Philippines-Taiwan ties returning to normal
MANILA—Some Filipino workers are again packing their bags for Taiwan in a sign that the once strained relations between Manila and Taipei are returning to normal.
With Taiwan’s lifting of sanctions against the Philippines following a Philippine apology over the killing of a Taiwanese fisherman three months ago in disputed waters between the Philippines and Taiwan, Malacañang on Friday expressed confidence that relations between the two countries would normalize soon.
“We did get word that they are lifting sanctions, the ones that they levied because of the incident. But then, you know, hopefully this recent development will contribute to the resolution of the issue and then will return relations to normal,” Palace spokeswoman Abigail Valte said in a phone-patch conference with reporters.
The lifting of the ban on the deployment of more Filipino workers, imposed in protest on the fatal shooting of Taiwanese fisherman Hung Shin-chen, was a clear sign of the normalizing relations between the two countries, said an official of the Manila Economic and Cultural Office, the closest thing to a Philippine embassy in the absence of formal diplomatic relations between Taiwan and the Philippines.
“We have heard from some OFWs that they have been told by their co-workers waiting in Manila that they have been advised to prepare to be deployed,” MECO permanent representative Antonio Basilio said in a text message before flying back to Manila from Taipei.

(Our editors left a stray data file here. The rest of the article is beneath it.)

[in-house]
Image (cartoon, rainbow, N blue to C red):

Basilio, who was part of the MECO delegation that flew to Taipei to deliver the apology to Hung’s family, said they also received a report that the Council of Labor Affairs has begun processing work permits.
Taiwanese Foreign Minister David Lin announced the lifting of all sanctions Thursday night following the visit by MECO officials during which chair Amadeo Perez offered a verbal apology to Hung’s family.
This came a day after the National Bureau of Investigation announced its recommendation to file homicide charges against eight members of the Philippine Coast Guard for the death of Hung, who was killed when the Coast Guard men fired on a Taiwanese fishing boat allegedly poaching in Philippine waters last May 9. Taiwanese prosecutors also filed homicide charges in Taiwan against the eight coast guards.
Both governments conducted parallel investigations into the high-speed chase between a Coast Guard-manned vessel and a Taiwanese fishing boat in the Balintang Channel, which both countries claim as part of their respective territories.
Meanwhile, Valte said the executive department was confident that the Coast Guard personnel would continue to do their job despite observations that the NBI report was a blow to their morale. She said the NBI report was based on evidence presented by all parties.
“And we’re pretty confident that the Coast Guard will continue to be vigilant and will continue to guard our waters to the best of their abilities and that moving forward, they will take measures to ensure that the similar incident does not happen again,” she said.
With the NBI recommendation, Valte said that the next step would be for the Department of Justice to conduct a preliminary investigation.
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